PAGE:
There was a time when £25,000 was a lot of money. It still is a lot of money, of course, but in new tow car buying terms, £25k doesn’t go as far as it used to. 

You can still find honest-to-goodness heavyweight tow cars for under £25,000, but it’s becoming much harder if you really must have a new car. Shop for a nearly new or used tug, though, and the choice is obviously much wider.

So if your caravan demands a hefty tow car, we’ve come to the rescue. Read on as we show you one of the last remaining cut-price heavyweights you can buy new, and a few of the many capable used alternatives, to get you thinking.

SsangYong Rexton W 2.2D

Price: from £22,995 (new)

Forget about buying a new Kia Sorento for less than £25,000. Unless you have incriminating photos of the dealer principal, What Car? reckons the lowest a Kia dealer will go is £27k or so, and that’s for the entry-level KX-1. Hyundai‘s Santa Fe, the other great budget 4×4 of a decade ago, now starts from £31,850.

So, what option do you have if you absolutely, positively must have that new car smell, are looking for a big 4×4 weighing close to two tonnes, but don’t want to stretch beyond the £25,000 mark?

Step forward, the SsangYong Rexton W, the last of a dying breed. It’s just been revised with a new engine, which should significantly improve the old car’s modest acceleration. The new Rexton W 2.2 diesel has 295lb ft of torque, an improvement on the old engine’s 265lb ft. Peak power is also up, rising from 153bhp to 176bhp. Prices start from a fiver less than £23k. That’s not a lot for a big 4×4 with a kerbweight of 2102kg.

We’ll find out how well the revised Rexton W tows at the Tow Car Awards. The results will be published in June.

Jeep Grand Cherokee 3.0 CRD Limited

Price: £22,000 (approx. for 2013 car with 50,000 miles)

Jeep has been building 4x4s for longer than just about anyone else – Land Rover included. You’ll struggle to find the current-shape Grand Cherokee for under £25,000, but look in the classifieds and there’s a wide choice of the previous generation car.

Towing suits the big Jeep well, with its muscular engine and 2272kg kerbweight. It’s stable at speed and the big V6 has more character in one cylinder than some big modern 4x4s with their emissions-friendly four-cylinder engines.

It’s not the sharpest car to drive solo and lacks the third row of seats which many rivals have as standard or as an option. But if you want genuine off-road ability – and huge on-road presence – you’ll love the Jeep Grand Cherokee.

Kia Sorento 2.2 KX-3

Price: £16,500 (approx. for 12-plate car with 45,000 miles)

In my book, the current Kia Sorento is the best of the lot. But however capable today’s car may be, it has long since left its budget origins behind.

The much-loved original is getting long-in-the-tooth now, which leaves the second generation. More expensive than the first Sorento, but not as polished as today’s car, it sits slightly awkwardly between the two.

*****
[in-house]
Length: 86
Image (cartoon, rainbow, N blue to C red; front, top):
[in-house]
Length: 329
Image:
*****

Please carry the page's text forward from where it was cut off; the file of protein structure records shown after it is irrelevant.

But that doesn’t mean it should be ignored. Self-levelling suspension makes a big difference to the way the car tows, but so long as you find a car so equipped, Kia’s second Sorento is good value. Four-year-old cars can be picked up for roughly half what you’d pay for a new equivalent, and should still have the balance of Kia’s seven-year new car warranty to call upon, if anything goes wrong.   

Mid-life revisions in 2013 made for some worthwhile improvements, but expect to pay more for a post-facelift car.

Hyundai Santa Fe 2.2 CRDi Style 7st

Price: £7000 (approx. price for 11-plate car with 100,000 miles)

In the collective caravan psyche, the Hyundai Santa Fe has always been in the shadow of the Kia Sorento. That’s unfair, when at some points in their shared history, the Santa Fe has been the equal of or better than the Kia.

My pick of the second-generation would be one of the post-facelift cars with the 2.2 CRDi engine, like the one we tested in 2011 at the Tow Car Awards

At the time we wrote how much car buyers were getting for £23k. Spin on five years, and that same car can now be bought for around £7000. That’s a big, seven-seat 4×4 with a kerbweight of just under two tonnes for less than the price of most new city cars.

Find a car that’s been well looked after and it should give many more miles of towing yet.

Land Rover Discovery 3 TDV6 HSE

Price: £11,000 (approx. price for 09-reg car with 110,000 miles)

You didn’t really think I was going to make a list of favourite big 4x4s without including a Land Rover, did you?

The Discovery 4 is sharper to drive, but the 3 is more honest-looking, without any of the flashy styling details of the 4 – and it’s much cheaper to buy.

Few cars are as relaxing to tow with as a Discovery. It’s like a stately home with a six-cylinder diesel engine, wafting along with comfort and composure, however rough the road surface. It’s also brilliantly practical, with a spacious seven-seat cabin. 

It would be wrong to pretend the Disco’s reliability record is blemish free, but find a good one with a full service history and you’ll own tow car royalty.